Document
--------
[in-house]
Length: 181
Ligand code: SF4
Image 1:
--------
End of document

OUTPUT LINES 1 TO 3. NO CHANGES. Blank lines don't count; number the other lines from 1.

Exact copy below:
[in-house]
Length: 181
Ligand code: SF4